These new parties AfD and Die Linke (The Left) understand East-Germans (Ossi's), because their leaders were or are people with roots in East-Germany. At the start of the AfD you had the East-German politician Frauke Petry. Petry was born on 1 June 1975 to a chemist and an engineer in Dresden. She lived in Schwarzheide, Brandenburg, near Saxony until the fall of the Berlin wall in 1989, after which her family moved to Bergkamen in Westphalia. Frauke Petry has left the AfD, but she helped to built and grow the AfD for years. Alexander Gauland was born in 1941 in Chemnitz, a city that became part of East Germany in 1949 and was renamed Karl-Marx-Stadt. After graduating from high school in 1959, he fled as a refugee to West Germany. He studied political science and law at Marburg, where he also received his doctorate. But still Gauland will understand the mindset and mentality of the East-Germans who stayed in East-Germany and who long back to the DDR with their Ostweh and Ostalgie (Ostalgia).
Frauke Petry (born 1 June 1975), chaired the Alternative for Germany (AfD) party from 4 July 2015 to 29 September 2017. Most political scientists described Petry as a representative of the national conservative wing of that party. Petry is noted for her anti-Islam views, for her calls to ban minarets, and for arguing that German police should "use firearms if necessary" to prevent illegal border-crossings. She is a chemist by training and has a professional background as a businesswoman. On 12 October 2017, Petry announced that she would form a new party, called the Blue Party, which would provide a "reasonable conservative" agenda and seek to replicate the success of the Bavarian Christian Social Union. The Blue Party (German: Die blaue Partei) is a national-conservative political party in Germany that was founded on the initiative of the former leader of the Alternative for Germany (AfD), Frauke Petry, after she left the party following the 2017 federal election. The party presents itself as more moderate than the AfD, and aims to attract social conservatives, right-wing liberals and former AfD members to join the party. As of 22 October 2017, the party has one member in the Bundestag, one in the state parliament of Saxony and four members in the state parliament of North Rhine-Westphalia.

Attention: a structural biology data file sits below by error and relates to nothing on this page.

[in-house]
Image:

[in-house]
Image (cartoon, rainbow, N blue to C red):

Alexander Eberhardt Gauland (born 20 February 1941) is a German politician, journalist and lawyer who has served as leader of the German political party Alternative for Germany (AfD) in the Bundestag since September 2017 and co-leader of the party since December 2017. He has been a Member of the Bundestag (MdB) since September 2017. Gauland was the party's co-founder and is its federal spokesman and the party leader for the state of Brandenburg.
These people indeed are very close to the people and have an excellent understanding of those of East Germany (DDR/GDR) due to the fact that they understand the differences between East and West and the more traditional and from one side nationalistic feelings and from the other side German socialist desires of the Ossi's (East-German people) and their longing for collectivism, and the safety of the DDR communist state social security program. All these years since the break up didn't erase memories, longing and thus Ostweh and Ostalgia. The sentiments were preserved in time (frozen or kept well) and are still present after all those years.
Karl, you are right in stating that Chancellor Angela Merkel is visibly tired after all these years as Mutti. In that power vacume of the exhausted Mutti or Großmutter ( ) a powerful West-German, Roman-Catholic, Modern, conservative and pragmatic Christian Democratic woman from Saarland will take over the power. I am talking about the present German minister of defence, Annegret Kramp-Karrenbauer. She is an active Catholic and has served on the Central Committee of German Catholics. She is the second woman to hold the office of German defence minister.